Listening Part A : Skill 4 - Passives

Friday, 28 January 2011

Previous Skill <--- Skill 3: Suggestions

It is sometimes difficult to understand who or what is doing the action in a passive sentence. This problem is often tested in Listening Part A.
(Indonesian version)

Example

On the recording, you hear:

(man)       :  Is that a new chair?
(woman)  :  Yes, we just bought it last week.
(narrator) :  What does the woman mean?

In your test book, you read:

(A) She brought the chair with her.
(B) The chair was lost for a week.
(C) The chair was purchased recently.
(D) She bought the last chair from the store.

In this conversation, the woman uses an active idea, we. . . bought it [ the chair]. The correct answer uses the passive idea the chair was purchased. Therefore, the best answer to the question above is answer (C).

You should note the following about passive sentences in Listening Part A.

PASSIVE STATEMENTS

1. If the conversation contains a passive statement, the answer to the question is often an active statement.
2. If the conversation contains an active statement, the answer to the question is often a passive statement.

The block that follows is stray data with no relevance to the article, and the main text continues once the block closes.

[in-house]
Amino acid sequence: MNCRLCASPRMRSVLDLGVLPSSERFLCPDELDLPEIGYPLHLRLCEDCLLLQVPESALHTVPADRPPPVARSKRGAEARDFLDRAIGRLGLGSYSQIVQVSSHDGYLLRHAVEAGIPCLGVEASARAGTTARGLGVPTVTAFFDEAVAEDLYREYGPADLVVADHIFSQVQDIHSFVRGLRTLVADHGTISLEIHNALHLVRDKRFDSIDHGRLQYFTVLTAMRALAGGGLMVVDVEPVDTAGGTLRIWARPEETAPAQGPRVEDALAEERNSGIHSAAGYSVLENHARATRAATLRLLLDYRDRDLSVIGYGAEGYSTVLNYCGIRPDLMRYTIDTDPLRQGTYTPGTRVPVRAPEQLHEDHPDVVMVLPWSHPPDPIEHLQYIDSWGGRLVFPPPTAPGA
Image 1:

EXERCISE 4: In this exercise, each of the correct answers is either a passive restatement of an active sentence or an active restatement of a passive sentence. Read the short conversation, and underline the key active or passive statement. Then read the question, and choose the best answer to the question. Make sure you understand who or what is doing the action in these passive sentences.

1. (man)       : What happened to your notebook?
    (woman)  :  I left it in the cafeteria.
    (narrator) :  What does the woman imply?

    (A) The cafeteria is to the left.
    (B) She left a note on the cafeteria door.
    (C) She took some notes in the cafeteria.
    (D) The notebook was left in the cafeteria.


2. (man)       : When are we going to talk about the problem with the copy machine?
    (woman)  : It will be discussed at the meeting tomorrow.
    (narrator) : What does the woman mean?

    (A) She needs to make copies before the meeting.
    (B) They will talk about the problem tomorrow.
    (C) It is a problem to have a meeting.
    (D) They must discuss whether or not to have a meeting.

3. (woman)   :  Did you correct the paper?
    (man)        :  I checked every single line again and again.
    (narrator)  :  What does the man mean?

   (A) The paper has been thoroughly corrected.
   (B) He wrote many of the lines over and over.
   (C) The checkmarks were on every line of the paper.
   (D) He wrote a check for the paper.


Continue with:
Next Skill ---> Skill 5: Who and Where



1 comments:

Gary Hall said...

There usually exist more of the possible values which are indeed considered to be so essential and for the future will lay down a better platform. check my grammer

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